The last chapters left everybody with a big, huge cliffhanger, and it just would have been sad to never bring it back. If you look, "Trapped in the Closet" is still all over the Internet. I‘ve been asked for the last four or five years, "What’s the package? When are you going to come back with more?" I eventually decided that after I finish some obligations, I have to get back in there and do more "Trapped in the Closet." I have to reveal what the package is. I already had it written for a long time, but we had to get the money and the means together and actually shoot it. Also, we had to do it right, so people enjoy it like they did the first chapter.
In the new chapters, the narrator is in an office, reading the book of "Trapped in the Closet," and this big book represents that there are so many chapters to come. I wanted the book to be nice and thick so people would say, "Wow, this is a pretty big book. He’s got a lot of stories to tell." I’m inspired by the fans and what it is they want, and now I know they love "Trapped in the Closet" like they do—it’s forever. I’m gonna continue. I have 85 more chapters that’s already written, already in the studio, and already ready to be shot. I got in the studio and pretty much snapped. I got the "Trapped in the Closet" bug for real.
The "Trapped in the Closet" book you see as an infomercial in the new chapters is a book that’s on its way, that I’m writing. I know where Chuck was before he met Rufus. I know what was happening before they actually met. I know what happened with Bridget and the midget and everybody else’s situation. So I feel like the fans have supported "Trapped in the Closet," so I feel like it’s time to introduce them to these people before what they saw. It’s the prequel meeting the sequel. You’ll get to find out a lot of things you don’t know, or that you can’t know, unless you read the book or unless I tell you—so I decided to do a book on it.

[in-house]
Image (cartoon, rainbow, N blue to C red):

"Trapped in the Closet" originally felt like a play. Now that it’s coming full circle, I feel like it could be a play on Broadway or something like that. It’s definitely being talked about, and it’s definitely in the creative chambers. I’m working on it in the studio here and there, when I get a chance. It feels like what you see on TV, but at the same time, it will also feel more like a Broadway play.
I’ll absolutely be doing more songs like "Trapped in the Closet" and "Real Talk" in the future. I believe that people love stories and I love to tell them. Any chance I get to tell a story—I hit up on a melody that deserves a story, rather than just a couple lines and a hook—I’m gonna do it, because it feels good to tell a story.